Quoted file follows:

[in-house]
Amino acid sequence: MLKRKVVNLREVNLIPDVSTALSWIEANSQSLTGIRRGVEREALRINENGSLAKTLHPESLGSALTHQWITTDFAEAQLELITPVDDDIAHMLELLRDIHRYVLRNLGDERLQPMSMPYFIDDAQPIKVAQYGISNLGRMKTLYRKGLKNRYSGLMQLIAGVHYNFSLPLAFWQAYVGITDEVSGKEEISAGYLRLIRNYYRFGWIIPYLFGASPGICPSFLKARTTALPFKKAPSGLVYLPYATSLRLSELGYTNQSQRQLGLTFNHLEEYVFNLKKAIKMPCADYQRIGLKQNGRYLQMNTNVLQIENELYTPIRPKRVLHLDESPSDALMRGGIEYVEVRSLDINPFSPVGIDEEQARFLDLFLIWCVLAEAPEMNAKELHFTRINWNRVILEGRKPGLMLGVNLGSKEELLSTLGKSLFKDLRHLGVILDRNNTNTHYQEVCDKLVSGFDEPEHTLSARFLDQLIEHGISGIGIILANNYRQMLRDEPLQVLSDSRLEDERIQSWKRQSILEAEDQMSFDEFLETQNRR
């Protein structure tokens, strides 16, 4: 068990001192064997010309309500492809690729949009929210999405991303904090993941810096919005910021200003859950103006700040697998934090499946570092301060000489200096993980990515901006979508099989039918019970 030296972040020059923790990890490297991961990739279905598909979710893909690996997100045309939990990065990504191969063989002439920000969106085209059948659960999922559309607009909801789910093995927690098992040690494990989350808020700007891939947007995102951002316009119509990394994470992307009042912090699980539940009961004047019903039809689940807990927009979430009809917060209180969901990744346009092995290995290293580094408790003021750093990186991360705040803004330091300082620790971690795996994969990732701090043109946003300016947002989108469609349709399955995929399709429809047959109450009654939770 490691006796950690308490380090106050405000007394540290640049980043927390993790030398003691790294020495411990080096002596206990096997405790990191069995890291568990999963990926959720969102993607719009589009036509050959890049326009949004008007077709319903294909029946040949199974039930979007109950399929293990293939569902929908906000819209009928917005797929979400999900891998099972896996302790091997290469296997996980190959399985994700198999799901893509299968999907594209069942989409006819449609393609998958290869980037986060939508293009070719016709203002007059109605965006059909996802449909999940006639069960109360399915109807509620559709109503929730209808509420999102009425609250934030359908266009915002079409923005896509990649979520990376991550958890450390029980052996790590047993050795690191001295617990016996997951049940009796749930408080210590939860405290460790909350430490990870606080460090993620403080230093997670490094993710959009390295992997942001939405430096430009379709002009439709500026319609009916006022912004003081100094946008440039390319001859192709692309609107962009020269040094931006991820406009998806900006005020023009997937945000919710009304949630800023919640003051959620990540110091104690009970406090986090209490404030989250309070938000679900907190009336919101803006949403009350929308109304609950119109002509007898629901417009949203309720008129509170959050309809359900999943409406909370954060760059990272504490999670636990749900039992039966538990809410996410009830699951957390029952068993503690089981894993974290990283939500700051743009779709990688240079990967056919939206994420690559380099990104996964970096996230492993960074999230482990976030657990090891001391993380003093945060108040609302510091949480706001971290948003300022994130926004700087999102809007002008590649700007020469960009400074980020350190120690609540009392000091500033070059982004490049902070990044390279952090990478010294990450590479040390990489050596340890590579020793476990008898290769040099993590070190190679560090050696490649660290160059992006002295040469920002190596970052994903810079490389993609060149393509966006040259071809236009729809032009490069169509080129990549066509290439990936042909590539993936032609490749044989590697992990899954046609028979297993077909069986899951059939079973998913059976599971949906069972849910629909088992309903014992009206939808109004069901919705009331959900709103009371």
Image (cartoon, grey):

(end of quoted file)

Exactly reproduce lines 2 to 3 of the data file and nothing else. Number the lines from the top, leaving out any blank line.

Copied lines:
Amino acid sequence: MLKRKVVNLREVNLIPDVSTALSWIEANSQSLTGIRRGVEREALRINENGSLAKTLHPESLGSALTHQWITTDFAEAQLELITPVDDDIAHMLELLRDIHRYVLRNLGDERLQPMSMPYFIDDAQPIKVAQYGISNLGRMKTLYRKGLKNRYSGLMQLIAGVHYNFSLPLAFWQAYVGITDEVSGKEEISAGYLRLIRNYYRFGWIIPYLFGASPGICPSFLKARTTALPFKKAPSGLVYLPYATSLRLSELGYTNQSQRQLGLTFNHLEEYVFNLKKAIKMPCADYQRIGLKQNGRYLQMNTNVLQIENELYTPIRPKRVLHLDESPSDALMRGGIEYVEVRSLDINPFSPVGIDEEQARFLDLFLIWCVLAEAPEMNAKELHFTRINWNRVILEGRKPGLMLGVNLGSKEELLSTLGKSLFKDLRHLGVILDRNNTNTHYQEVCDKLVSGFDEPEHTLSARFLDQLIEHGISGIGIILANNYRQMLRDEPLQVLSDSRLEDERIQSWKRQSILEAEDQMSFDEFLETQNRR
């Protein structure tokens, strides 16, 4: 068990001192064997010309309500492809690729949009929210999405991303904090993941810096919005910021200003859950103006700040697998934090499946570092301060000489200096993980990515901006979508099989039918019970 030296972040020059923790990890490297991961990739279905598909979710893909690996997100045309939990990065990504191969063989002439920000969106085209059948659960999922559309607009909801789910093995927690098992040690494990989350808020700007891939947007995102951002316009119509990394994470992307009042912090699980539940009961004047019903039809689940807990927009979430009809917060209180969901990744346009092995290995290293580094408790003021750093990186991360705040803004330091300082620790971690795996994969990732701090043109946003300016947002989108469609349709399955995929399709429809047959109450009654939770 490691006796950690308490380090106050405000007394540290640049980043927390993790030398003691790294020495411990080096002596206990096997405790990191069995890291568990999963990926959720969102993607719009589009036509050959890049326009949004008007077709319903294909029946040949199974039930979007109950399929293990293939569902929908906000819209009928917005797929979400999900891998099972896996302790091997290469296997996980190959399985994700198999799901893509299968999907594209069942989409006819449609393609998958290869980037986060939508293009070719016709203002007059109605965006059909996802449909999940006639069960109360399915109807509620559709109503929730209808509420999102009425609250934030359908266009915002079409923005896509990649979520990376991550958890450390029980052996790590047993050795690191001295617990016996997951049940009796749930408080210590939860405290460790909350430490990870606080460090993620403080230093997670490094993710959009390295992997942001939405430096430009379709002009439709500026319609009916006022912004003081100094946008440039390319001859192709692309609107962009020269040094931006991820406009998806900006005020023009997937945000919710009304949630800023919640003051959620990540110091104690009970406090986090209490404030989250309070938000679900907190009336919101803006949403009350929308109304609950119109002509007898629901417009949203309720008129509170959050309809359900999943409406909370954060760059990272504490999670636990749900039992039966538990809410996410009830699951957390029952068993503690089981894993974290990283939500700051743009779709990688240079990967056919939206994420690559380099990104996964970096996230492993960074999230482990976030657990090891001391993380003093945060108040609302510091949480706001971290948003300022994130926004700087999102809007002008590649700007020469960009400074980020350190120690609540009392000091500033070059982004490049902070990044390279952090990478010294990450590479040390990489050596340890590579020793476990008898290769040099993590070190190679560090050696490649660290160059992006002295040469920002190596970052994903810079490389993609060149393509966006040259071809236009729809032009490069169509080129990549066509290439990936042909590539993936032609490749044989590697992990899954046609028979297993077909069986899951059939079973998913059976599971949906069972849910629909088992309903014992009206939808109004069901919705009331959900709103009371």